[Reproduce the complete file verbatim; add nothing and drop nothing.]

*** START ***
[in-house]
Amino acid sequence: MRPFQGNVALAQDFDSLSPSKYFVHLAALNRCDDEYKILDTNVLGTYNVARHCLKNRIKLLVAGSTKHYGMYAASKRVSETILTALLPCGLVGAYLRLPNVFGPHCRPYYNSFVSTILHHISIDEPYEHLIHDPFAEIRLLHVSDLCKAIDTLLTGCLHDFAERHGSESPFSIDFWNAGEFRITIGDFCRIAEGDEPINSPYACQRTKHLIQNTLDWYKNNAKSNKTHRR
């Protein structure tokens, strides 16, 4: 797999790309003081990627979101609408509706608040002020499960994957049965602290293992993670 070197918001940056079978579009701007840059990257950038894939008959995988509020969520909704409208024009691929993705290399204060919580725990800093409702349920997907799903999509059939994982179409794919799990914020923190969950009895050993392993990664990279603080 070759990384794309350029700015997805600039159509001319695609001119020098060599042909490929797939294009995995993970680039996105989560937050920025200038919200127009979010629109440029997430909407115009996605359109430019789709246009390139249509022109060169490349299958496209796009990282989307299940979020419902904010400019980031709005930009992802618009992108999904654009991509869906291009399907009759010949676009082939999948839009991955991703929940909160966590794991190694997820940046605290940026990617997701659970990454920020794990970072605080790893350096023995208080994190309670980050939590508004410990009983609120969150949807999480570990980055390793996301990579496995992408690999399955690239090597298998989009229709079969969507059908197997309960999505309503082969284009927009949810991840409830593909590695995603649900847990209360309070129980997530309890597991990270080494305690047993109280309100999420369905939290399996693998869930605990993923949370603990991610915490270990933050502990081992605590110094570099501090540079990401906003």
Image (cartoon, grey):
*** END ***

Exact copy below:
[in-house]
Amino acid sequence: MRPFQGNVALAQDFDSLSPSKYFVHLAALNRCDDEYKILDTNVLGTYNVARHCLKNRIKLLVAGSTKHYGMYAASKRVSETILTALLPCGLVGAYLRLPNVFGPHCRPYYNSFVSTILHHISIDEPYEHLIHDPFAEIRLLHVSDLCKAIDTLLTGCLHDFAERHGSESPFSIDFWNAGEFRITIGDFCRIAEGDEPINSPYACQRTKHLIQNTLDWYKNNAKSNKTHRR
């Protein structure tokens, strides 16, 4: 797999790309003081990627979101609408509706608040002020499960994957049965602290293992993670 070197918001940056079978579009701007840059990257950038894939008959995988509020969520909704409208024009691929993705290399204060919580725990800093409702349920997907799903999509059939994982179409794919799990914020923190969950009895050993392993990664990279603080 070759990384794309350029700015997805600039159509001319695609001119020098060599042909490929797939294009995995993970680039996105989560937050920025200038919200127009979010629109440029997430909407115009996605359109430019789709246009390139249509022109060169490349299958496209796009990282989307299940979020419902904010400019980031709005930009992802618009992108999904654009991509869906291009399907009759010949676009082939999948839009991955991703929940909160966590794991190694997820940046605290940026990617997701659970990454920020794990970072605080790893350096023995208080994190309670980050939590508004410990009983609120969150949807999480570990980055390793996301990579496995992408690999399955690239090597298998989009229709079969969507059908197997309960999505309503082969284009927009949810991840409830593909590695995603649900847990209360309070129980997530309890597991990270080494305690047993109280309100999420369905939290399996693998869930605990993923949370603990991610915490270990933050502990081992605590110094570099501090540079990401906003």
Image (cartoon, grey):